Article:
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This Jewish bedtime ritual was a parenting win

I can't shield my kids from all the evil in the world, but I can help them cope with uncertainty
Illustrative: A sleeping child (CC BY-SA 3.0 by Stokedsk8erboy, Wikimedia Commons)
Illustrative: A sleeping child (CC BY-SA 3.0 by Stokedsk8erboy, Wikimedia Commons)

Kveller via JTA — Twinkle, twinkle, kochavim (stars),
Shining in the shamayim (sky).
When I say Shema tonight,
Everything will be all right.

Years ago, my oldest child brought this song home from preschool. It made me wonder: What exactly was the message they were trying to convey to my little girl?

As a new mother, I rejoiced in starting to pass on Jewish traditions and prayers to my daughter, such as reciting the Shema at bedtime. Freshly bathed and ready for bed, she would cuddle on my lap while we said the prayer. At first I said the words for her. Then I was overjoyed when she began to say them herself, like generations of Jewish children before her.

But I wasn’t thrilled to discover that her teachers were presenting the Shema as some sort of magic formula.

“When I say Shema tonight, everything will be all right.” Really? Is that what we believe?

What was I to say if she woke up an hour later and vomited — should I tell her she must not have said the Shema properly? Or that her illness, despite her suffering, is actually “all right?” I could maybe get away with minimizing, say, a midnight earache, but what if something more serious were to happen during the night?

Surely her teachers didn’t think through the implications of the song that much; it was just a cute rhyme. But I didn’t think it was so cute.

At the time, I wasn’t ready to discuss theodicy with a 2-year-old. (Nine years later, I still don’t have perfect answers when my children ask about the existence of evil in the world — in fact, no one does.) But I knew I wasn’t going to teach her that if she always did the right thing, only good things would come — and that, conversely, if bad things happen, she must have done something wrong.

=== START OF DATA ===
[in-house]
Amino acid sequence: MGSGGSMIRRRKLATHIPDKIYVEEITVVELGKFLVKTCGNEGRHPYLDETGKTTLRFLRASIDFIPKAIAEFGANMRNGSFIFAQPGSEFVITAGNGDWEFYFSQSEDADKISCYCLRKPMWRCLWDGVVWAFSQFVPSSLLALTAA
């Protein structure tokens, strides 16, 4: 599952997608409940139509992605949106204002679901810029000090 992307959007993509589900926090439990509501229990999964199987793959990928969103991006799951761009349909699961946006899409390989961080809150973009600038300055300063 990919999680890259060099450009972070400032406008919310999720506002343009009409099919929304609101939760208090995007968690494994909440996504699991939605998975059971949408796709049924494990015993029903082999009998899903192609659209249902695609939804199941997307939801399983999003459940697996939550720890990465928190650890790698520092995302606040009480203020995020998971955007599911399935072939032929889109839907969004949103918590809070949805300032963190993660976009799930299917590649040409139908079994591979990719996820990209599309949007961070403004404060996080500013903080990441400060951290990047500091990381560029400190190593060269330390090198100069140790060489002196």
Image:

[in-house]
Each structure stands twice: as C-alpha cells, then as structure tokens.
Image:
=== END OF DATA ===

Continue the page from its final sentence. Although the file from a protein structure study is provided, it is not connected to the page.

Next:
Aside from being a terrifying thing to say to a child, I just don’t think it’s true — the world is too complex, and God is too complex, for any kind of simplistic, linear equation to accurately represent the relationship between what we do and what happens to us.

Part of the traditional ritual of reciting Shema is to cover the eyes. When I first started saying Shema with each of my four babies, I was always careful not to fully cover their eyes because I thought that would be alarming for a little baby. I would leave my hand on the side a little, or leave gaps between my fingers, trying to accustom the baby to this ritual without making it uncomfortable or scary. As my children got older and more used to it, I was able to fully cover their eyes — the way I do myself.

One recent night, when my youngest was about 18 months, she was the one who took my hand and placed it over her eyes. (I guess I wasn’t fast enough!) As we sat and rocked, singing the special songs we like to sing before bedtime, that one little move of hers got me thinking. I realized that perhaps I had unknowingly taught her a better lesson than the one her big sister learned at school.

No matter what we do or how fervently we pray, we don’t actually know that everything will be all right. Shema or no Shema, there are no guarantees. There is little that we can be sure of in this world.

But what I can do — and what our bedtime Shema ritual can do — is help my children prepare to face a world of uncertainty. I can help provide them with the security to have their eyes covered — to welcome it, even — to find assurance from the embrace of their parents, and of God, to confidently embark on a long, dark night without knowing how things will be in the morning.

As a mom, I hope and pray that the rituals and habits I teach my children will provide them with a framework from which to confidently explore the world, with all of its uncertainties. I hope they will be able to gain strength — through the Shema, along with every other mitzvah I teach them — to be “all right” with whatever life brings.

About the Author
Sarah Rudolph is a Jewish educator and freelance writer. She has been sharing her passion for Jewish texts of all kinds for over 15 years, with students of all ages. Sarah's essays have been published in a variety of internet and print media, including Times of Israel, Kveller, Jewish Action, OU Life, Lehrhaus, and more, and she serves as Editor-At-Large, Deracheha: womenandmitzvot.org. Sarah lives in Ohio with her husband and four children, but is privileged to learn online with students all over the world through Webyeshiva.org.
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